Monday, November 24, 2014

VHS For The Win!: Mansion of the Doomed

After over 2 Years, one of the most frequent Segments of Mondo Bizarro! returns!!!

I found a treasure trove of rare and crazy Films recently and will start to share them with you.  In the meantime, here's an example of what will be coming down the pike!
A big, fun and goofy bit of Box Art!

Is that a giant Edgar Allen Poe?  Is he a ghost?  Is that lady not safe even when she seems to be quite far from the Mansion?

Of course, the main point is the tagline thrown on there.  It is a great example of what you had to do in the big, thriving VHS Market.

I love this stuff.

Rare Flix: Night of the Demon (1980)

Just for the record: it is a coincidence that I'm doing two Bigfoot Films in a row.  Today's Film- Night of the Demon (1980) was in my sights for a while, but I hadn't gotten around to it.  When I discovered that a few similarly-titled Films were also available, I decided to finally see this one.  It...is a bit misleading.  Demons is about weird, demon-like monsters.  Night of the Demons is about weird, demon-like monsters.  This Film is about, well, Bigfoot.  I suppose that there is a sort of Satanic tinge to the Film, but not so much that this Title makes alot of sense.  The lone survivor of a large group that went to the Woods tells his Story and it is up to you to believe it.  Okay, that last part is a lie.  If you don't believe it, the Movie still ends the same way.  I'm not sure why I said that.  Anyhow, this is a Video Nasty as well, which is pretty apparent right from the Opening Kill (was it a cliche in 1980?) and this Title Card...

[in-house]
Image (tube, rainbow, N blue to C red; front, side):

This man is in the Hospital.  He is questioned about why all of his friends are dead.  He has a Story...
His Story is a bit complicated, however, since he first has to tell how he went to a Class where the Teacher played some Bigfoot footage.  Wait- is this Found Footage...in 1980?  Wow.

A woman shows up and she's the young girl from the footage.  She wants the truth.